Judge Dismisses MEC Defamation Lawsuit Against HBO

On February 21, Federal Court Judge Jeffrey Cramer threw out a defamation case filed by Murray Energy Corp. (MEC) against Home Box Office Inc. (HBO) and “Last Week Tonight With John Oliver” host John Oliver that stemmed from a broadcast that criticized the coal industry and MEC and its CEO Robert Murray specifically.

In his ruling, Judge Cramer said he agreed with arguments made by the defendants that the plaintiff failed to state a claim. He said their arguments were “well-founded” and “appropriate.”

“The court adopts, with little exception, defendants’ arguments in support of their motion regarding all issues addressed in the same,” Cramer said.

"This decision contains absolutely no legal reasoning, whatsoever, and instead blindly adopts the defendants deeply flawed arguments," said Gary Broadbent, Murray Energy senior corporate counsel and director of investor and media relations. "This is a flagrant disregard of the law, the facts, and the substantial damages intentionally inflicted by the defendants."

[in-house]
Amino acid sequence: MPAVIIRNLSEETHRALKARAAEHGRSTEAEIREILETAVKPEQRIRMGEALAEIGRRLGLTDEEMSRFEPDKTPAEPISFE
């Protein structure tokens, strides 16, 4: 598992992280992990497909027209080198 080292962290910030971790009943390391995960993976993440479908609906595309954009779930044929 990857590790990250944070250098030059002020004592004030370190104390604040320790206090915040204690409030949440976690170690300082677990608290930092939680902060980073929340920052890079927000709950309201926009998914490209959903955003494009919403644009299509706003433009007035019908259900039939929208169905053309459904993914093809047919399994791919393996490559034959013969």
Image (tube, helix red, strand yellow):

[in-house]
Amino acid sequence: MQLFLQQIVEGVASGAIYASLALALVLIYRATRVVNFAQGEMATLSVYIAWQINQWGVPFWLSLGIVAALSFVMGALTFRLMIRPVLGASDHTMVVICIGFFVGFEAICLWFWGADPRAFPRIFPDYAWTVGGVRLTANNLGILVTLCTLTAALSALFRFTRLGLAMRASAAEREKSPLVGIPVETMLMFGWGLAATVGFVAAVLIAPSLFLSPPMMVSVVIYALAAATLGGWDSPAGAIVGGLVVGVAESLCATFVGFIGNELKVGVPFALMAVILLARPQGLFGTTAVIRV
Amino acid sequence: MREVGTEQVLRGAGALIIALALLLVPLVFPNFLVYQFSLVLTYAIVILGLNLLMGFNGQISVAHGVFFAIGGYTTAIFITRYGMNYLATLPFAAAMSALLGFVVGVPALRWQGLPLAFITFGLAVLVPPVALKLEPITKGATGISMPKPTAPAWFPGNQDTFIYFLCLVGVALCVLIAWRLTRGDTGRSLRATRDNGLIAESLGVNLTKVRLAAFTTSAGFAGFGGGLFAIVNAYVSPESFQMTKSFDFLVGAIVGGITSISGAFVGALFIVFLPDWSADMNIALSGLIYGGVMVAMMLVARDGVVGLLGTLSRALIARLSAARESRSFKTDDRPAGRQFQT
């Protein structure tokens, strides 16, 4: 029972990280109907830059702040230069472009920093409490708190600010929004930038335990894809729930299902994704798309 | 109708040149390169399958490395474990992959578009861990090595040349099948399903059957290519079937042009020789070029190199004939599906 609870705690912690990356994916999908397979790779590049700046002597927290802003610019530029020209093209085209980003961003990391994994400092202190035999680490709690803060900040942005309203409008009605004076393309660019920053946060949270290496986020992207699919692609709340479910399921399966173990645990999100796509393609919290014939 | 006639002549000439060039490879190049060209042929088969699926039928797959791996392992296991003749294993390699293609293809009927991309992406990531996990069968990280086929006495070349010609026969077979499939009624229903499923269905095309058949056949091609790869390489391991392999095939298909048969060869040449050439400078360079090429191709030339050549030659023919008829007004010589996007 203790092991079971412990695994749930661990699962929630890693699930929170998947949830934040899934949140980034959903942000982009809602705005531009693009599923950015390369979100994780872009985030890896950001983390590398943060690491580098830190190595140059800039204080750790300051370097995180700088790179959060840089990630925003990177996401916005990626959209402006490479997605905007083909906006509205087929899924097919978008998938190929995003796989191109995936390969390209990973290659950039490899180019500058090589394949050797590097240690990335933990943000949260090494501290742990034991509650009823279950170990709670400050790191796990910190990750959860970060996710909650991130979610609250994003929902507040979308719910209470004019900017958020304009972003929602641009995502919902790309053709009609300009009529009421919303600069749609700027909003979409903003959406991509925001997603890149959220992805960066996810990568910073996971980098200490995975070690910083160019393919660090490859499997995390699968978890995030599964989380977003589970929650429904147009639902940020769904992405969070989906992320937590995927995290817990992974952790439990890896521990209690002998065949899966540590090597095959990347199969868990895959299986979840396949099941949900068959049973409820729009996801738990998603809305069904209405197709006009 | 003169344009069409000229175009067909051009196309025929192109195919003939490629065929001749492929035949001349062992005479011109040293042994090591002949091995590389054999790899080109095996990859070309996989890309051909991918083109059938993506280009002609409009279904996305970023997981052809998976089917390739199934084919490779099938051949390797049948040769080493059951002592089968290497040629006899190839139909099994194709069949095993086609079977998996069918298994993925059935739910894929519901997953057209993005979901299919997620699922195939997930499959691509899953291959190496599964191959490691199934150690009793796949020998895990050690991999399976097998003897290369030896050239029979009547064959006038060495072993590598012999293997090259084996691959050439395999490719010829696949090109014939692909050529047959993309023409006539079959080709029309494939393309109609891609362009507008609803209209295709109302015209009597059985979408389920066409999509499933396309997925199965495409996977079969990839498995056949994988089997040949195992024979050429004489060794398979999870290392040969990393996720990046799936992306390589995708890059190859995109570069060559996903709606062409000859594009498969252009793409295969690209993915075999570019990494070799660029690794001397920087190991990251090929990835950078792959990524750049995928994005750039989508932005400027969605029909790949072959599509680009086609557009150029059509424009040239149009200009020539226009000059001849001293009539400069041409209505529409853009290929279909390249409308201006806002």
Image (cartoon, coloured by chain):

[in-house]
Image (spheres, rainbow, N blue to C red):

He said MEC will immediately appeal the decision and would prevail.

In the lawsuit, MEC alleged defamation stemming from the June 18 broadcast of “Last Week Tonight with John Oliver.” MEC claimed that Oliver implied Murray was a liar when he previously stated that an earthquake caused by the Crandall Canyon mine collapse, which took the lives of nine employees, and insinuated that Murray disregarded the well-being of his employees. Oliver also described Murray as looking like a geriatric Dr. Evil.

Prior to the HBO broadcast, MEC said it sent HBO two letters, on June 12 and June 16, and had a lengthy conference call with their counsel on June 17 to correct what they knew of “their proposed false and destructive broadcast and present the facts to them.” Time Warner and HBO, according to MEC, ignored the communications and aired the episode.